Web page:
SEK has finally started to watch “Mad Men” and has some interesting thoughts about the show and Don Draper as a literary character here. The review touches on an issue that I don’t touch on much while blogging about the show here, but was actually the focus of my piece in The American Prospect on the show—the way the show depicts advertising as an industry. When I wrote about it, I was noting the way that the 60s were very inspirational in terms of imagining new possibilities, and this had a strong effect on the way that advertising worked. What SEK touches on is how the show depicts the transition of advertising as something that became more scientific-feeling, where the agency relied on market research to find out where the consumer was at and meet him there.
In the subsequent years, the story of the near omnipotence of advertising has really attached itself to the American psyche. Liberals and conservatives both speak fluent anxiety about the feeling of loss of will and control in the face of the marketplace that, we believe, instills desires in us, and has to be kept out of our heads through force. The walls we erect are different. Liberals implore you to throw out your TV, flip off the radio, and to reject anything that seems to reek of the corporate marketplace. (Alas, the corporate marketplace has grown adept at mimicking signals that appeal to this mindset—places like Whole Foods come to mind.) That some of these things might give you pleasure is considered evidence of their inherent evil, and all the more reason to toss them out. Conservatives erect the family as a protective device—Father Knows Best, and will keep the bogeyman out with a mixture of piety and submission rituals. That advertising is so all-powerful is taken as a matter of faith by liberals and conservatives alike. Ask any feminist blogger who writes about a sexist ad campaign, and she will tell you that the comment threads under those have 100% certainty of someone—from the right or the left—denying that the sexism is something the feminist should worry about. Why? Because the world-weary commenter will say, “They do it because it works to sell (fill in object for sale),” as if this somehow means the conversation is over. (Of course, even if sexism sells, I fail to see why that makes it any less sexism, which is why that comment has always puzzled me.) The marketplace is so all-powerful that even acknowledging its existence outside of talking about that power is considered dangerous, like uttering the word “cancer” used to be.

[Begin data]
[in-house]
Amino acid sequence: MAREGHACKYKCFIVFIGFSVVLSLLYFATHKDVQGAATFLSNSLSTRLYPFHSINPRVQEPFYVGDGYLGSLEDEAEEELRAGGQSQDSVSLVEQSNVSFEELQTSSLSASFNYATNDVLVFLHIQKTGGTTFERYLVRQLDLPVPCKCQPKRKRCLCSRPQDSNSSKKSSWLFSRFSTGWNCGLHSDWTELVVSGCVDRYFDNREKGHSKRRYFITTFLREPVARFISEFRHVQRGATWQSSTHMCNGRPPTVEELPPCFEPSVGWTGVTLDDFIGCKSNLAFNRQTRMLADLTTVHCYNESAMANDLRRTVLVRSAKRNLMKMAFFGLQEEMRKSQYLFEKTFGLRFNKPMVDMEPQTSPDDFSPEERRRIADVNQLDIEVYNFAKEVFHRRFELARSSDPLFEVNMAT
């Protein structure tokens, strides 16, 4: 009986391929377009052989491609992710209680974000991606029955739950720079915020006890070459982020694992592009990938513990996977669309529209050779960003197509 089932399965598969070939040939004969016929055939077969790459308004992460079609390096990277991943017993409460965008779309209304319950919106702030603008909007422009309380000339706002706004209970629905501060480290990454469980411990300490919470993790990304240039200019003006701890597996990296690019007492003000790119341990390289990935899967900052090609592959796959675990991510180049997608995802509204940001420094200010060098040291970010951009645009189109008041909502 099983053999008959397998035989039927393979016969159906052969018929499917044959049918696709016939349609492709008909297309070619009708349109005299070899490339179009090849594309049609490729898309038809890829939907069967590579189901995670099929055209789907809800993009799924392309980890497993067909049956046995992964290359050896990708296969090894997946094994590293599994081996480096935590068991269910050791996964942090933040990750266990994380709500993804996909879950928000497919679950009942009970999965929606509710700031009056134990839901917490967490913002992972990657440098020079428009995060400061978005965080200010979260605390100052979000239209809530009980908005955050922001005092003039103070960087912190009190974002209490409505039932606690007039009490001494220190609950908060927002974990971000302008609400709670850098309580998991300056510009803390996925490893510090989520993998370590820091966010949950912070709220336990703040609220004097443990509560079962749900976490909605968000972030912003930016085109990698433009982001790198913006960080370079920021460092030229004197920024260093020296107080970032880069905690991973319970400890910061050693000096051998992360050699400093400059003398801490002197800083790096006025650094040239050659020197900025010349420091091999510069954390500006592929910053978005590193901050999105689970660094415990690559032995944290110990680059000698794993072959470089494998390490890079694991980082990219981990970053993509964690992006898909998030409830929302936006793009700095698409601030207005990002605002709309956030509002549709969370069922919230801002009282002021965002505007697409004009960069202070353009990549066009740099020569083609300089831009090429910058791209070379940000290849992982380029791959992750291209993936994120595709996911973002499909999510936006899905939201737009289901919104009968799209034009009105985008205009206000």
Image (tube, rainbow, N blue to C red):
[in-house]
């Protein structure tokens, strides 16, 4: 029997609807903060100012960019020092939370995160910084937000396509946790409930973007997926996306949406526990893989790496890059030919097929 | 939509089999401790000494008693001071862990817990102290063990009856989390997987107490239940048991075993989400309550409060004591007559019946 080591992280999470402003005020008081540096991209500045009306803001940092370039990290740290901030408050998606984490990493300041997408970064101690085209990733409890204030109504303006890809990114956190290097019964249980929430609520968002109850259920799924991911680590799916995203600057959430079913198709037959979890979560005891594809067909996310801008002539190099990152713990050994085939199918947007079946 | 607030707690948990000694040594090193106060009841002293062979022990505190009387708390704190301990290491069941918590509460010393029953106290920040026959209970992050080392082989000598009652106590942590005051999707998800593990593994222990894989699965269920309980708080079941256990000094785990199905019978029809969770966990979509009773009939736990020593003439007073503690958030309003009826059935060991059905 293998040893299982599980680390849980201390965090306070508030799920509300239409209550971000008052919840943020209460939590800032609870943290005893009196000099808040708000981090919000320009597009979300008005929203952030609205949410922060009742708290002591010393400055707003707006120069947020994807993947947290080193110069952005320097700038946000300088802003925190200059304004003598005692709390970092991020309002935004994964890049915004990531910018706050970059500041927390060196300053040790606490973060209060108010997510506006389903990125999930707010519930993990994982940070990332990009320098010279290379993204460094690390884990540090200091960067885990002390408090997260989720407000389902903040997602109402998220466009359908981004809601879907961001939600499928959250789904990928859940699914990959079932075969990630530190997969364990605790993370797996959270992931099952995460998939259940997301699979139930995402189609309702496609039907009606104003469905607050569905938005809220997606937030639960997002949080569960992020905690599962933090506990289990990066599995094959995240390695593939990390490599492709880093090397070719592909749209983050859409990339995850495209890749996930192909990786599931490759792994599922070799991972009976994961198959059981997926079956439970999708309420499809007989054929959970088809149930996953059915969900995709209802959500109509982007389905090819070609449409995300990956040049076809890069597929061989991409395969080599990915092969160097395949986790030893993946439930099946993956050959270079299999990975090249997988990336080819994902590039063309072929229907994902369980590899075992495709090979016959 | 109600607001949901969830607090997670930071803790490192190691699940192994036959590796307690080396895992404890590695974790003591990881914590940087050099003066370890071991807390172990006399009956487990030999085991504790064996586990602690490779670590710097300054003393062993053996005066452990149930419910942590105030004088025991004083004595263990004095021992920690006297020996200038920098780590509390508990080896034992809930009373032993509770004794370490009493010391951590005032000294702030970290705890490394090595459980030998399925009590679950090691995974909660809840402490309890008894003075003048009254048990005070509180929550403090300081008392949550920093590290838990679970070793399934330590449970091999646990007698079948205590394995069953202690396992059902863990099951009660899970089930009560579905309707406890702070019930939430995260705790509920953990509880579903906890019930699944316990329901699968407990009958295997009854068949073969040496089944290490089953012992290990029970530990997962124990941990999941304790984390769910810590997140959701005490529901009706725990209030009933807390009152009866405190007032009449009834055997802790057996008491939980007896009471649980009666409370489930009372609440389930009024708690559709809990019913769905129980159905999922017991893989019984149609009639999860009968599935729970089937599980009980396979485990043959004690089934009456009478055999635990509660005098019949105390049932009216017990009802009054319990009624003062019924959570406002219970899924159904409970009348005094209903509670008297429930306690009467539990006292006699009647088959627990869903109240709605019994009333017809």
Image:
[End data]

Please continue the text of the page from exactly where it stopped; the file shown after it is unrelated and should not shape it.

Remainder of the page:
The use of market research by advertisers is extremely important to this image of them as having this intoxicating power to create desire where none existed, even over the thoughtful. They have numbers that show them how to get to you! No wonder they have so much power! What’s interesting to me is that the public seems to perceive marketing as scientific to the degree that no guesswork or whimsy is assumed to be part of the work of creating advertising. Or that personal prejudice or preference on the part of the marketers or the clients might have as much to do with advertisements as the market research. On “Mad Men”, we get to see carefully researched campaigns thrown in the trash because clients are persnickety or because the ad men feel the research lacks depth, but we’ve convinced ourselves that this kind of thing has disappeared. Or we had convinced ourselves—I think nowadays, with more people creating content (albeit usually just creative content for its own sake) and trying to push it, people are beginning to see that it’s more guesswork than you’d think.
Not that I don’t think research is a major part of advertising. But people have to interpret that research, and often they probably just do the campaigns they want and use the research to rationalize it. And part of that is that research tools can only do so much, as least in their present form. Asking people what they want doesn’t produce the most reliable data, for instance, and even if you can get reliable data, it’s not a science turning that into creative content. But I think a lot of the time, people underestimate how much of advertising ends up being a matter of the marketers doing something that they find personally appealing, and hoping that their own affection for it will translate to a larger audience—something that anyone doing something creative does at the end of the day, whether they’re considered real artists or not.